The Federal Reserve said Thursday that all 31 big banks it subjected to a stress test have sufficient capital to absorb losses during a sharp and prolonged economic downturn.

It's the first time since the central bank started stress tests in 2009 that no firm fell below any of the main capital thresholds. The two biggest banks that operate in Minnesota — Wells Fargo & Co. and U.S. Bancorp — easily exceeded the main ratios the Fed uses.

The annual tests, using hypothetical scenarios that are not forecasts, are the cornerstone of the Fed's efforts to prevent a repeat of the 2008 financial crisis and to gauge the ability of banks to withstand economic turmoil.

The largest U.S.-based banks "continue to build their capital levels and to strengthen their ability to lend to households and businesses during a period marked by severe recession and financial market volatility," the Fed said in a statement Thursday.

The Fed uses the exams to prod lenders into building up capital buffers. Banks that don't meet a second round of tests released next week may face restrictions in buying back stock and paying dividends.

This year's results are being released as the Fed faces scrutiny from lawmakers critical of its supervision of the biggest banks. Fed Chairwoman Janet Yellen countered the criticism, saying this week the central bank works hard to avoid the trap of "regulatory capture," or the risk that bank examiners get too cozy with the firms they oversee.

Bank of America Corp. was the only bank among the six largest to improve in every capital measure from its performance in last year's test. Wells Fargo & Co. surpassed every minimum by at least 2 percentage points. Morgan Stanley's ratio in three capital measures fell in a severely adverse scenario to within 1 percentage point of the required minimum.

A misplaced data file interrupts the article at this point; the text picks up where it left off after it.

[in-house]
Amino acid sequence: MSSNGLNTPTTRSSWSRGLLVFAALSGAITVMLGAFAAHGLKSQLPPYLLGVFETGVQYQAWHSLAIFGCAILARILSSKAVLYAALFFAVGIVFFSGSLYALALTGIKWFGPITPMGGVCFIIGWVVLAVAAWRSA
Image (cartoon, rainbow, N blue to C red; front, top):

Loan-loss estimates for the 31 banks totaled $490 billion under a hypothetical severely adverse scenario, down from $501 billion for the 30 banks tested last year. The losses include a $102.7 billion hit to trading. JPMorgan Chase & Co. would suffer the most from trading losses, estimated at $23.6 billion.

The heaviest damage was to consumer lending, with 39 percent of projected losses from such activity as mortgages and credit cards.

The severely adverse scenario this year included deep recessions in the euro area, U.K. and Japan, and "below-trend" growth in developing Asia, according to guidelines the Fed released in October.

While the test released on Thursday gauges banks' strength, the firms aren't said to pass or fail, because the exam doesn't account for their plans to preserve or bolster capital. In the tests to be released Wednesday, the Fed will take into account the companies' requested capital distributions and other measures, requiring they leave banks above a minimum Tier 1 common ratio of 5 percent over nine quarters in harsh economic scenarios.

Fed officials have cautioned that even banks that exceeded all the thresholds in Thursday's test may still find their requests for higher payouts rejected next week if regulators find the quality of the planning is flawed.